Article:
One evening Uncle Bob took Melinda and me out to ride in the country and look for varmints. Melinda and I were excited to get to spend special time with one of our favorite uncles.
The night was dark, the sky was full of stars and Melinda and I chattered to each other as Uncle Bob drove in silence, finally coming to a stop along a lonely dark road. We sat quietly, ears and eyes straining for some form of life in the darkness when Uncle Bob spoke, “Girls, I have to tell you some news…….” We both stopped and turned our faces up to look at Uncle Bob in the darkness. He continued, “Your Daddy has been sick a long time. The doctors have done everything they can do for him. He is really sick. He is going to die.” My ears heard, my heart choked, it began to crack, I sat stunned. I knew Melinda was struggling as I was, I could feel her body tense. I broke into tears, die? That same year Aunt Katy had died, Papa Simmons had died. What did die mean to a 9 year old? They went away, never to be seen again! When I grasp the reality of my Daddy, my precious Daddy going away forever my heart cracked more. Melinda and I sat crying. A little body can only cry for so long and then Uncle Bob began to comfort us. His talk was quiet, his words were soft and his heart spoke gentleness.
After a while he started the car and we began once again to travel down the dark, lonely road. The lights of the car shone on the road and at different points rabbits, badgers, skunks and coyotes could be seen crossing the road or skulking in the ditches. We quickly turned our attentions away from the pain and began to talk, giggle and look excitedly about us for more varmints.
A week passed and Uncle Hartley took Melinda and me to Pampa to pick up our new glasses. We were both so excited, everything looked so perfect through our eyes. As we arrived home we entered the house through the backdoor and there stood Granny Morgan. “Junior’s gone,” she announced. Melinda and I stopped and looked from one adult to the other. “When, where’s Jo?” questioned Uncle Hartley. They talked quietly between themselves as Melinda and I strained to understand. Uncle Hartley left through the door, Granny Morgan picked up the phone and started dialing. Melinda and I stood looking at each other, looking at the door, looking at Granny Morgan.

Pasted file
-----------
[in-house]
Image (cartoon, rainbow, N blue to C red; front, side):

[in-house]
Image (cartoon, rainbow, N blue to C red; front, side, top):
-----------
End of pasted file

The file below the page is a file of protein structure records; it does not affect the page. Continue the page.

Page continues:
“We have had a death in the family. My son is dead. I’ll need you to stay on this line and help me make calls” she told the operator. As I stood outside the door and listened to each phone call I would strain my ears to hear with my heart as she made call after call, passing on the information to uncles, aunts, cousins, neighbors and friends, and the crack grew.
Saturday morning the sun shone bright as we dressed for the funeral. I didn’t want to go, Trey, 3 years of age didn’t have to go, why should I have to go? I was angry; everyone was making me go where I didn’t want to go. Wouldn’t anyone listen? Melinda and I were usually inseparable, where was she? Did she want to plead too, “Stop, please someone make this go away, make this a bad dream.” But there was no one there, no one to listen, no one to take me in their arms and make it ok, the crack in my heart grew wider.
I refused to listen to the words. I refused to listen to the songs. I refused to look at the casket that held my Daddy. “They should open it up, if he is really in there they should open it up.” I snuggled closer to Momma and held tight to her sleeve. Everyone was standing; we were standing, my mind kept screaming “NO” as my little body walked down the aisle toward the casket. My feet were heavy as if they were suddenly incased in cement. Was it really me walking down that aisle? It didn’t feel like me, I didn’t want it to be me, but I looked down at my left hand with the missing pinky finger and knew that it was me.
Uncle Hartley gently touched my shoulder and pulled me to him. His big arms were holding me and whispering words I couldn’t understand. I listened again, “Don’t look. You don’t have to look.” As I looked up, his meaning was clear, the casket was opened and my heart broke! I buried my face deep within him coat.
A few minutes later we were in the big white limo heading out toward the cemetery. I looked out the window, was the sun actually shining? Didn’t it know? It had to know! Why wasn’t the whole sky crying?
Momma spoke the first words I remember hearing since I listened to all the calls made by Granny Morgan three days ago, “Girls we’ve got to be strong. We have to remember all the funny things he used to do.” And then she began to tell stories of him fishing for gophers, getting stuck in a 6 foot snow drift, chasing ducks with a speed boat, sweeping popcorn under a rug, laying in a tire swing while using a broom to smooth concrete for the driveway….We came to a stop and the door opened. As we got out of the car Melinda and I reached for Momma’s hand.
Thirty-eight years has passed since that time so long ago. The old saying “Time heals all wounds” is true, but it still leaves scars. I now know that I will see my Daddy again, he is not gone forever as once thought. Daily, I hold fast to God’s words and promises through His Son.